3. Pin stuff. 
Pin stuff to other stuff. 
Then unpin it. 
Then pin it again. 
Turns out I have relatively elite pinning skills.


4. Sew various things together and then iron them. Ironing, it transpires, is a fundamental part of the process.
Ironing one half of the waistband.

5. Listen to and follow instructions. I'm good at that,  I've had plenty of practice.


6. Sew elastic into the waistband.

Probably more concentration than I have ever previously dedicated to a piece of elastic.
 7. After sewing a zig-zag stitch down the sides of the waistband, thread some thin elastic through it to create a ruching effect. That's the technical term for it. Ruching.
Please note, dog featured is NOT a feed dog.
8. Baste the hem of the skirt. Having marked the desired width of the hem with an iron, I roughly stitched all the way round to hold the hem in place when finishing it off with the sewing machine. Amongst mum's many pearls of wisdom was this one: you can baste a hem without ironing it, if necessary. But you must never attempt to sew a hem without basting it first. I wonder if this is a metaphor for life. Probably not.

Basting. It's different to what you do to a chicken, apparently.
The other kind of basting. The more delicious kind.
 9. Sew a hem on the sewing machine. Turns out this is difficult. Top tip: Don't stare at the needle. Look at where you want to go instead. My driving instructor used to tell me the same thing about large, oncoming trucks.

It's really easy to concentrate with someone STARING OVER YOUR SHOULDER. Not.
10. Finally: Iron it, hang it up, and look darned pleased with yourself.

The finished product!!
There you have it. It really wasn't that difficult. It certainly wasn't as impossible as I'd made myself believe. It required being a little bit brave when it came to pushing down the foot pedal. It required concentration. It required remembering to breathe. But what it required above all things was the will to do it, and to do it properly. Such is the lesson that keeps coming back to me on this journey. Undertake all that you do with purpose. Undertake all that you do with love.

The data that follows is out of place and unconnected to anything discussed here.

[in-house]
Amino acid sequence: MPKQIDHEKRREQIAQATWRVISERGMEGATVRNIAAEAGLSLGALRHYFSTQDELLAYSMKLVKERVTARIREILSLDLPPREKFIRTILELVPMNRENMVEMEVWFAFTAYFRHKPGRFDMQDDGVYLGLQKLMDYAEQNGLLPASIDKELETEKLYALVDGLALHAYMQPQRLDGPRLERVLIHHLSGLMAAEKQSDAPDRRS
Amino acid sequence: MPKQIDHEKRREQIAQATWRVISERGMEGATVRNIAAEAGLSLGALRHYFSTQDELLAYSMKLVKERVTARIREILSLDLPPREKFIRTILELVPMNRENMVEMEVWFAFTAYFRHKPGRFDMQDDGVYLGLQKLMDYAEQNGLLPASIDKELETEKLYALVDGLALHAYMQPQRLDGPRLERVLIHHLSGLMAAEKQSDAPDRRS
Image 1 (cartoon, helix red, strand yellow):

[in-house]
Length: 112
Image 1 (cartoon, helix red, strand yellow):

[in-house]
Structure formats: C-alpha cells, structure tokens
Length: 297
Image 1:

Make it with love. Always.
That would have been a nice note to end on, except that I KNOW you haven't forgotten that my mum had also insisted on me wearing the skirt in public. She'd specified three times, but I have to say that between it being extremely comfortable, and also really quite pretty, and the fact that I was secretly a little bit proud of myself, I ended up wearing it about five days in a row. Actually, she had to ask me to stop wearing it so that the other people in her building wouldn't start thinking it was a uniform of some kind. Here's the skirt on parade:

Outing one: The skirt gets ready to go for Chinese. Spring Rolls, Crispy Chilli Beef and a Lemon Fanta, thank you very much.

Outing two: The skirt goes dolphin watching in Gibraltar. Hello dolphins!!
Why would you NOT want to see a picture of dolphins? Dolphins are amazing, even if they can't sew.  Fact.


Outing three: The skirt messes around in the park.
I will never be the seamstress that my mother is. I strongly suspect that I will never knit anything, let alone a jumper as truly awesome as the fluffy white clouds further up this blog piece. I am unlikely to ever embroider anything for fun. But I will probably use a sewing machine again. In fact, I quite fancy a long version of the skirt, and could even be said to be quite keen on making it myself. Who knows, I might even make something, one day, that someone else wants to wear. That would be a fine thing, I think.

Eight down, twenty-two to go...